[Mendele] (no subject)

Victor Bers victor.bers at yale.edu
Tue Sep 15 12:39:49 EDT 2009

  Mendele: Yiddish literature and language
Contents of Vol. 19.011
September 11, 2009

1) The secular and the worldly in Yiddish literature and Yiddish life 
(Howard Berger)
2) The secular and the worldly in Yiddish literature and Yiddish life 
(Larry Rosenwald)
3) bankes (Dina Lvias)
4) bankes (Elvira Groezinger)
5) bankes (Herb Lewis)
6) Isaac Babel in Yiddish (Gerry Kane)
7) Lilke Majzner (Hershl Hartman)
8) gogl (Martin Jacobs)
9) (bale-)boss (Jacob van der Wijk)

Date:   August 24, 2009
Subject: The secular and the worldly in Yiddish literature and Yiddish 

This is in reply to Z. D. Smith's very interesting query of Aug. 23 as to 
the corpus of
literature of non-observant, free-thinking, secular Yiddish speakers and 
readers. It seems
to me that such a corpus may, and I repeat may, be accessed by referring 
to book reviews
in the plethora of communist, or otherwise left-leaning, free-thinking 
publications that appeared in the U. S. in the first four decades of the 
20th century. If
such a Yiddish-language corpus existed, that would be the venue where it 
would be
recorded and reviewed. Would it not? I, too, am curious about a body of 
work that
reflects a truly secular lifestyle, and would greatly appreciate and 
welcome Z.D. Smith's
research into this field.

Howard Berger

Date: August 24, 2009
Subject:  The secular and the worldly in Yiddish literature and Yiddish 

Re Z. D. Smith's totally fascinating reflections on the secular and the 
worldly, and
addressing only a small part of those reflections, I'd note how 
disorienting it was for me
to read the beginning chapters (and some other chapters as well) of Sholem 
Ash's "East
River." The first chapter concerns, if not kortnshpiln and bronfn, then at 
least the wholly
un-rabbinic, un-yeshivebokherdik topic of pigeon flying . Ash's novel in 
general seems to
me among other things an attempt to figure out how to use Yiddish to 
depict secular and
non-Jewish aspects of the American world - not just the pigeon-flying but 
also Franklin
Roosevelt and a Catholic confession booth.

Larry Rosenwald

Date: August 25, 2009
Subject: bankes

"Banki," in Russian, is the plural of "banka" meaning "jar/tin can/pot." 
It also applies to
"cups" in the medical/health context of "applying cupping-glasses" to a 
person suffering
from, e.g., bronchitis. The Yiddish saying "S'hilft vi a toytn bankes" is 
a skeptical
assessment of this old wives' remedy!!
It is the equivalent, more or less, of "spitting in the air."
(The French say "appliquer un cautre sur une jambe de bois," i.e. "a 
poultice on a wooden
There is no other possible etymological origin for the Yiddish "bankes" in 
my opinion !!

Dina Lvias

[Moderator's note: The Mendele archives are a wonderful and underutilized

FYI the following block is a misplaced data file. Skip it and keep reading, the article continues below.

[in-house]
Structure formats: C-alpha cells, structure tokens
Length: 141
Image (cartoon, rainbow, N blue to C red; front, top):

"Bankes" has received much attention from Mendele readers in the past. For 
information, see Mendele volumes 3, 6, and 15 in the Mendele Archives at

Date: August 25, 2009
Subject: bankes

Bankes (or Polish banki, German Schroepfkoepfe) are cupping glasses used 
in popular
medicine against fever. They are heated and then adhered to the patient's 

Best wishes,
Elvira Groezinger

Date: August 30, 2009
Subject: bankes

This was used by my Bubba in the saying, "Es helft vi a toytn,  bankes." 
That is, the
remedy helped as little as cupping would for someone already dead. I 
thought of
Grandma's wisdom often in fifty years of medical practice.

Herb Lewis

Date: August 25, 2009
Subject:  Isaac Babel in Yiddish

Were any of Isaac Babel's stories translated into Yiddish in the Soviet 
Union or in the

If they were, were they in the form of occasional stories in Yiddish 
literary magazines or
were they collections published in book form? If there were Yiddish 
translations, does
any Mendele leyener know whether they are available?

Gerry Kane

Date: August 15, 2009
Subject: Lilke Majzner

As the shloyshim (marking the 30th day after her death) approaches, the 
website of the
Museum of Family History has posted a video of Lilke Majzner's inimitable 
oratory upon
receiving the highest award from the International Association of Yiddish 
Clubs in 2008.
The English translation of her thoughtful and fiery remarks appears below
the video screen.

Lilke was long-time president of the L.A. Yiddish Culture Club, a member 
of the Arbeter
Ring/Workmen's Circle both in Europe and here and a teacher in its shuln, 
a survivor of
the Bundist (General Jewish Workers' Alliance of Russia, Lithuania and 
underground in Lodz and several concentration and death camps, including 
She was the initiator and moving force behind the coalition of L.A. 
Secular Jewish
organizations which, for the past decade, has sponsored annual 
commemorations of the
Warsaw Ghetto Uprising and of the executed Soviet Yiddish writers.

She wrote beautifully in Yiddish for several publications and it was
my honor to translate many of her works.

Hershl Hartman

Date: August 24, 2009
Subject: Gogl

Dr. Paul Glasser, like Mr. Kennedy and Dr. Taube, also informed me that 
the word
should be "nogl" but I am afraid I had difficulty believing this since I 
did not see what
the length of one's fingernails had to do with looking either Jewish or 
non-Jewish; we
certainly don't consider it as such today.  But I stand corrected: autres 
temps, autres

Thank you, Hershl.

Martin Jacobs

Date:  September 7, 2009
Subject: (bale-)boss

I would like to refer those who were speculating about the oves of "boss" 
to a new
publication by prominent Dutch etymologist Nicoline van der Sijs entitled 
cookies en dollars: de invloed van het Nederlands op Noord-Amerikaanse 
(Amsterdam University Press, ISBN 978 90 8964 10 4).

Jacob van der Wijk
End of Mendele Vol. 19.011

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